GLAD’s Statement on the Passing of Former Boston Mayor Tom Menino
October 30, 2014
We are saddened to hear of the passing today of long-time Boston Mayor Tom Menino, who was a tremendous ally to the LGBT community.
It is hard to imagine that LGBT people and people living with HIV could have had a more devoted and rock-solid friend than Mayor Menino. His policies and positions were all aimed at ensuring not only that LGBT people were welcome in Boston, but that they could participate fully and equally in the life of our city.
From his refusal to march in the St. Patrick’s Day Parade, to being an early champion of domestic partner health insurance benefits and then an early and steadfast supporter of marriage equality; from leading Boston to become one of the few cities in Massachusetts to implement needle exchanges, to ensuring the school committee adopted safe schools programs for LGBT youth, every LGBT person in the city knew that the Mayor was with you.
He gave voice to our inclusion in the city, and was at the same time an inspiration to our community. And he did all these things at a time when there was less acceptance and it was much less popular than it is today to support the LGBT community.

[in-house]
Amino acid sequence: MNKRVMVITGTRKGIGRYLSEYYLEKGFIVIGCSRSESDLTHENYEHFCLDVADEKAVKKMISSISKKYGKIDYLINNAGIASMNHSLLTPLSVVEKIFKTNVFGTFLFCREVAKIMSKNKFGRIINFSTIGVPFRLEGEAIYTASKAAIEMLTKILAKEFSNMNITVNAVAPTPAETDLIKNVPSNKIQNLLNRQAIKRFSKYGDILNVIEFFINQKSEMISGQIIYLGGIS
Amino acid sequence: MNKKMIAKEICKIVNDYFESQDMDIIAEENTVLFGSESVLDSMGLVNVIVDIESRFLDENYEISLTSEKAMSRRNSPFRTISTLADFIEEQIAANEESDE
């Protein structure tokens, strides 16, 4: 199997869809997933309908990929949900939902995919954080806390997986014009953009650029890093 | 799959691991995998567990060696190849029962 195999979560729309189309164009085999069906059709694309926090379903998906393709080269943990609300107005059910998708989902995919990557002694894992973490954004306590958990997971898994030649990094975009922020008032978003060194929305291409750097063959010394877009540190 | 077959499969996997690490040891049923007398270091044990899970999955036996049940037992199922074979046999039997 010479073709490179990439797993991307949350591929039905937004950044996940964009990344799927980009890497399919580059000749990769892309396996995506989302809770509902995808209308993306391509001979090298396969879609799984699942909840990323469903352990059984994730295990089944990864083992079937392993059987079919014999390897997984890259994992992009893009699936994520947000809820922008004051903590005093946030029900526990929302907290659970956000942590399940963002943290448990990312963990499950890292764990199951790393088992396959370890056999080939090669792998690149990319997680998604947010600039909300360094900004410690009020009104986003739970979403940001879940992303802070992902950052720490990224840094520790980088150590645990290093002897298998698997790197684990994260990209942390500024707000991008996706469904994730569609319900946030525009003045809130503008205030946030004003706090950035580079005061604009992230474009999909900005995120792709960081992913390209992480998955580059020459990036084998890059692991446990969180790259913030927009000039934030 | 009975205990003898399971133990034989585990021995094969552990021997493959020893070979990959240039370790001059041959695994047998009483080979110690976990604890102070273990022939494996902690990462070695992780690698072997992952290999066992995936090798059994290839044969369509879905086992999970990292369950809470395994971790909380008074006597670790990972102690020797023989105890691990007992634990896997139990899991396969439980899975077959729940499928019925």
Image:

In addition to his policies and positions, the Mayor was the kind of person that when he saw a problem or injustice or a person suffering, he stepped in to create solutions. For instance, in 2001, Belynda Dunn, a beloved HIV educator in the African American community was in need of a liver transplant to save her life. Insurance companies wouldn’t cover transplants for HIV positive people at the time, claiming they were experimental. While GLAD pursued the issue in court, the Mayor stepped up to create a fund to pay for the transplant, until we were able to change the law. That was the kind of extraordinary thing Mayor Menino did.
All of us at GLAD, and all of us in the community, will miss the Mayor and his unique style of leadership and inspiration. Our thoughts and prayers are with his family and loved ones at this difficult time.